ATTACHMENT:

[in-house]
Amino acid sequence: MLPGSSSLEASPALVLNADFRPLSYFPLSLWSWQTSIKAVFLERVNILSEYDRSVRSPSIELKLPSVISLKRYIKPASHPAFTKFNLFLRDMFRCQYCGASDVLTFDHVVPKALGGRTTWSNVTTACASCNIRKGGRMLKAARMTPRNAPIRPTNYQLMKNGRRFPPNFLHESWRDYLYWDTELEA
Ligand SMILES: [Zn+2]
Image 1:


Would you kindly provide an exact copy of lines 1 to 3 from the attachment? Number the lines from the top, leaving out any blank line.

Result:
[in-house]
Amino acid sequence: MLPGSSSLEASPALVLNADFRPLSYFPLSLWSWQTSIKAVFLERVNILSEYDRSVRSPSIELKLPSVISLKRYIKPASHPAFTKFNLFLRDMFRCQYCGASDVLTFDHVVPKALGGRTTWSNVTTACASCNIRKGGRMLKAARMTPRNAPIRPTNYQLMKNGRRFPPNFLHESWRDYLYWDTELEA
Ligand SMILES: [Zn+2]